Unlike with other bills that have majority support, a filibuster wasn’t the primary obstacle here. A proposed constitutional amendment has to win 67 votes to be passed by the Senate — so, assuming all Democrats were present, the amendment would still have been 12 votes short overall.

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Finally, Wall Street gets put on trial: We can still hold the 0.1 percent responsible for tanking the economy

Jamie Dimon, CEO of JPMorgan ChaseA recent fraud trial in Califirnia could finally pave the way for culpable Wall Street banksters to be criminally prosecuted, reports Thomas Frank at Salon:

The Tea Party regards Barack Obama as a kind of devil figure, but when it comes to hunting down the fraudsters responsible for the economic disaster of the last six years, his administration has stuck pretty close to the Tea Party script. The initial conservative reaction to the disaster, you will recall, was to blame the crisis on the people at the bottom, on minorities and proletarians lost in an orgy of financial misbehavior. Sure enough, when taking on ordinary people who got loans during the real-estate bubble, the president’s Department of Justice has shown admirable devotion to duty, filing hundreds of mortgage-fraud cases against small-timers.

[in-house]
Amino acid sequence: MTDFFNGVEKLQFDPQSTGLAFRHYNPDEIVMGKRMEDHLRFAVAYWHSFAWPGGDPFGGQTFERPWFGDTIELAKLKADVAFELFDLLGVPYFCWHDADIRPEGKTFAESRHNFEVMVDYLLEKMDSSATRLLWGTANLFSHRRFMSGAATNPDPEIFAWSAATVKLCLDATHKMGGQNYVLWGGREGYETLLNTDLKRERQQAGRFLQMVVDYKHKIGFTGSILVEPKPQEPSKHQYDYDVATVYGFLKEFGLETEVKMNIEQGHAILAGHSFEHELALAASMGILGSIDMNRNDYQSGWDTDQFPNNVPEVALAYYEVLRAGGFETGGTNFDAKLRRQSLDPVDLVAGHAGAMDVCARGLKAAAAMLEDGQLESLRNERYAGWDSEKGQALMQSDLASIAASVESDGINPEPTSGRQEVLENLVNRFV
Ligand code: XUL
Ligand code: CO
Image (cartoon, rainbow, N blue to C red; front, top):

But high-ranking financiers? Obama’s Department of Justice has thus far shown virtually no interest in holding leading bankers criminally accountable for what went on in the last decade.

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Hobby Lobby Ruling: Employers Don’t Have to Cover Birth Control